MonJa's Digital Banking and Lending Monthly Roundup | June 2020

MonJa’s Digital Banking and Lending Monthly Roundup | June 2020

In Commercial Lending, Industry News, Small Business Loan Underwriting, Underwriting Automation by Yulia GnatyukLeave a Comment

6 Minutes Read

MonJa’s Digital Banking and Lending Monthly Roundup – Why Subscribe?

Digital banking and lending is evolving rapidly. Recent fintech-banking partnerships and innovation in technology with the introduction of AI, ML and blockchain herald a new era in lending. Fintech’s are changing the competitive ecosystem,  empowering lenders to process loans faster and smarter.  In a world full of noise, understanding how the technologies and developments may impact your financial institution’s credit decisions and credit portfolio is of critical importance. With MonJa’s Digital Banking and Lending Monthly Roundup, it’s easy to stay up to date on what’s happening in the space. Get the latest updates, analysis and commentary on digital banking and lending segment!


MonJa's Digital Banking and Lending Monthly Roundup | June 2020

06/26/2020 Investor Update by LendingClub (LendingClub)

LendingClub’s latest investor update highlighted the resilience of the Company’s borrowers. Almost 90% of the prime borrowers have not enrolled in any of the hardships plans. The initial members who had enrolled in the Company’s Skip-a-Pay program have already begun to graduate, with 60% of them making payments for the duration. A major section of members is also going for the “interest-only” hardship plans which LendingClub is seeing as a good sign for members and investors. The loans facilitated between Q1 2018 to Q1 2020 are the ones most exposed to the crisis and LendingClub is assessing a 3% internal rate of return for them. The Company is expecting the losses to peak between Q4 of 2020 and Q1 of 2021 as per the hardship plan’s structure and timing. The Company is also targeting a 5% return for loans being issued now.

06/25/2020 Wirecard’s Journey to the Top of European Fintechs (Financial Times) 

Wirecard was born in the late stages of the dotcom boom. The company grew to be considered as one of the top fintechs in Europe even after battling allegations of fraud. Markus Braun, a former KPMG consultant, took over as the chief executive and merged Wirecard with a Munich rival, Electronic Business Systems. The Company went public in 2005 and joined the Frankfurt stock market by taking over the listing of a defunct call center group, to avoid the scrutiny of an IPO. In 2008, a German shareholder accused the company of balance sheet irregularities. During 2011-2014, the company raised €500 million for international expansion. In 2015, FT Alphaville found a €250 million hole in its balance sheet but in 2017, it received a clean audit from EY. In 2019, SoftBank injected €900 million and Wirecard appoints KPMG for special audit on pressure from investors. In 2020, KPMG reported that it cannot verify the “lion’s share” of profit from 2016 to 2018. Markus Braun resigned with Mr. Freis becoming the new CEO. Markus Braun got arrested on June 23 on suspicion of false accounting and market manipulation. As of June 25, Wirecard will file for insolvency. The sordid saga proves that corporate governance should be on top of investors’ minds while considering fintech companies.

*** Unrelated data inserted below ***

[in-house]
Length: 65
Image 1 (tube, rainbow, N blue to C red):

06/24/2020 Zopa primes credit card as long-awaited full banking license granted (AltFi)

Zopa has been awarded the full UK banking license after 18 months of entering into the mobilization stage. The bank (that was earlier only an alternative lender), is now eligible to launch a 1-5 years’ fixed-term savings account. With this much-awaited headway, Zopa will explore bigger roles in its customers’ finances. Reportedly, the company has been working on an “innovative credit card” that could come out later this year. The card would be an alternative to existing cards that come with poor service and unclear pricing. Zopa’s new line of products will run alongside Zopa’s peer-to-peer offerings (like personal loans and auto loans) and will operate under Zopa Bank alongside Zopa Limited (both forming the Zopa Group). Jaidev Janardana, the CEO, pointed out that given its significant-tech and financial services and products (like savings and credit cards, personal loans, and investments), the Company is a compelling alternative to traditional banking.